Murder hornets vs. honeybees: A swarm of bees can cook invaders alive

While a honeybee hive can have thousands of residents, hornets can wipe out the entire population in hours.

Chris Looney, a Washington State entomologist, holds a dead Asian giant hornet in Blaine, Wash. RUTH FREMSON

SEATTLE — When a pack of Asian giant hornets targets a hive of honeybees for slaughter, the carnage can be swift.

The so-called murder hornets, which have surfaced for the first time in the United States, have a particular appetite for bees and specialize in group attacks. The slaughter begins when a worker hornet spots a colony, marks it with a pheromone and then brings a backup crew of between two and 50 others. While a honeybee hive can have thousands of residents, hornets can wipe out the entire population in hours.

During one recorded slaughter examined by researchers, each hornet killed one bee every 14 seconds, using powerful mandibles to decapitate its prey.


But some bees have also demonstrated a remarkable survival strategy by working as a team to fight back against individual invaders, researchers have found.

When a hornet enters the hive of Japanese honeybees, researchers have witnessed how hundreds of bees can respond by forming a ball around a hornet. While the bees face an immense disadvantage in both size and strength, the bees working in unison can vibrate to produce heat, raising the temperature in the formation, like a tiny oven, to more than 115 degrees. Bees can survive the high temperature, but the hornet cannot, and after up to an hour of cooking, the hornet dies.


European honeybees, which are the most common pollinator in the United States, don’t appear to have the same instinct. They try to defend against a hornet attack by stinging the invaders, but the Asian giant hornet carries a rigid exoskeleton that makes bee stings ineffective, according to researchers.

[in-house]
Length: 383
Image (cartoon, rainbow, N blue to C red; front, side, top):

Dead Asian giant hornets.

“The honeybee in Japan has adapted with this predator and learned through generations to protect themselves,” said Ruthie Danielsen, a beekeeper in Birch Bay, Washington, near where two Asian giant hornets were discovered. “Our honeybees, the predator has never been there before, so they have no defense.”


While the Asian giant hornet is a threat to humans, with a potent stinger that kills up to 50 people each year in Japan, its arrival in the United States has brought particular dread to beekeepers. They are working together to post traps to try to catch queens this spring and workers in the upcoming summer. Government biologists are trying to identify where the hornet has settled in Washington state and eradicate it before it establishes a permanent presence.

Danielsen said the beekeepers were exploring a special trap used in Japan that was placed in front of a beehive, designed to catch an Asian giant hornet before it marks the hive with a pheromone.


Tim Lawrence, a professor of entomology at Washington State University with expertise in honeybees, said that in Japan, however, there were smaller beekeeping operations compared with in the United States. In America, he said, it is not uncommon to find hundreds of bee hives in an apiary.

“We don’t know what’s going to happen if the hornet is established in an apiary of that size,” Lawrence said.

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